“James Hunter falls through morning.

He swings from his parachute harness as the plane drops below him, the The Evening Chorusbroken shell of the bomber sinking into the Channel fog.

The water is as jarring as solid earth, and shockingly cold.”

James is a pilot in the RAF. He hopes he might get picked up in the Channel by a British ship but “when he sees the shine of a black boot resting on the gunwale and above that a gloved hand holding a pistol” he gives up that hope. The soldier grins at him and says, clearly, in English:

“For you the war is over.”

The camp is deep inside Bavaria and has a limestone building that houses the Germans and eighteen one-storey wooden bunkhouses each of which houses 112 men in fourteen rooms each with a coal-burning stove, a table and four bunks. James used some slats from his bed to fashion a small desk. The prisoners use the knotholes in the pine wall boards to hide small things they know the Guards will confiscate. Their inadequate meals are buoyed up by Red Cross parcels. On three sides the camp is surrounded by dense forest and on the third is a river. There is a tripwire around the camp and in front of the river and fences topped with barbed wire.

Prisoners who are officers do not have to work but some seek out something to occupy their time and minds. “Escape is the most popular pastime” and tunnelling uses many hands preferably of small men but the risk of discovery is high.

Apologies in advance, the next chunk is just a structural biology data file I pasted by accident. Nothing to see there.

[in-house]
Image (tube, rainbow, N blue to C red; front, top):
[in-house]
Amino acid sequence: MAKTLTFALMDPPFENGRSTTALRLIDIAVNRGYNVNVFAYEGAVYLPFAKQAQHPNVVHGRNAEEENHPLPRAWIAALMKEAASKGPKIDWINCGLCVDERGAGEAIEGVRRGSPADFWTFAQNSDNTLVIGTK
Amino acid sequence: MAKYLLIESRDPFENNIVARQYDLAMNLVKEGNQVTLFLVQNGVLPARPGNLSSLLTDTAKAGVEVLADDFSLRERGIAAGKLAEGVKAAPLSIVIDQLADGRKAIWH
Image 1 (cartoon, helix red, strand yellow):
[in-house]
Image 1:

James was captured in the winter of 1940 and in the spring he starts to frequent the part of the camp facing the river. He studies the river at first noting that it has widened and increased in volume, covering the rocks that protruded in the winter. It moves quickly and he studies how fast the leaves move downstream and around the bend. He considers making a study of the Redstartriver but restricted access is discouraging. He hears a bird singing and “all his thoughts are silenced”.  He locates the redstarts on a stone wall and “the beauty of their song and the splash of red on their tails made him decide to study them for the length of time he was to be kept in the camp.”

One of the things he contemplates is the question of whether some birds are “better singers than others, and if this constant song was a rejoicing in their abilities.” He takes note that their song “begins as a melody and ends in dissonance, as though the song itself come undone in the process of singing it, finishing up with all the right notes presented in completely the wrong order. ” He realized he needed to document what he is observing and begins to come regularly with a notebook and pencil and to sit quietly and not draw the attention of the guards.

James married Rose six months before he was sent overseas as a pilot. They lived in a small cottage near the Ashdown Forest that was once a shepherd’s hut. James tells his bunk mate that his feelings for and about Rose are private. “Harry snorts with laughter, slaps James on the shoulder. “Have you not noticed where you are? he says. “There’s nothing here that’s private, old chum.”  James believes that “by keeping his feelings private, he keeps them active.””  The men sometimes get letters from home in which wives and girlfriends tell the men they have found someone else and James dreads getting such a letter.